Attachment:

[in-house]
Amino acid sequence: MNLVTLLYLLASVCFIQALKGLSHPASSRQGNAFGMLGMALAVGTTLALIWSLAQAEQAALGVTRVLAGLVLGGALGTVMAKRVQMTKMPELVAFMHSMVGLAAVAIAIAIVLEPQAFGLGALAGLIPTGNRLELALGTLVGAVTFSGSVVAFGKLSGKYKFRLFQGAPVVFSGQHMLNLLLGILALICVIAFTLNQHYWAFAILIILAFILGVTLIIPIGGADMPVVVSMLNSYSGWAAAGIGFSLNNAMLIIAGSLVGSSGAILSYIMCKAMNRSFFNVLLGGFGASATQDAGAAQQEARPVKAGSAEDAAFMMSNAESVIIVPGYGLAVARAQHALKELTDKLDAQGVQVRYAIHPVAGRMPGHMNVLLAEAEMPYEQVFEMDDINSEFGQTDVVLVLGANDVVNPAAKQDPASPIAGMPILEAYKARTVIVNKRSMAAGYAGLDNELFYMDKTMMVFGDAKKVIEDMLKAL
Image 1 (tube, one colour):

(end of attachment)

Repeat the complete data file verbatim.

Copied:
[in-house]
Amino acid sequence: MNLVTLLYLLASVCFIQALKGLSHPASSRQGNAFGMLGMALAVGTTLALIWSLAQAEQAALGVTRVLAGLVLGGALGTVMAKRVQMTKMPELVAFMHSMVGLAAVAIAIAIVLEPQAFGLGALAGLIPTGNRLELALGTLVGAVTFSGSVVAFGKLSGKYKFRLFQGAPVVFSGQHMLNLLLGILALICVIAFTLNQHYWAFAILIILAFILGVTLIIPIGGADMPVVVSMLNSYSGWAAAGIGFSLNNAMLIIAGSLVGSSGAILSYIMCKAMNRSFFNVLLGGFGASATQDAGAAQQEARPVKAGSAEDAAFMMSNAESVIIVPGYGLAVARAQHALKELTDKLDAQGVQVRYAIHPVAGRMPGHMNVLLAEAEMPYEQVFEMDDINSEFGQTDVVLVLGANDVVNPAAKQDPASPIAGMPILEAYKARTVIVNKRSMAAGYAGLDNELFYMDKTMMVFGDAKKVIEDMLKAL
Image 1 (tube, one colour):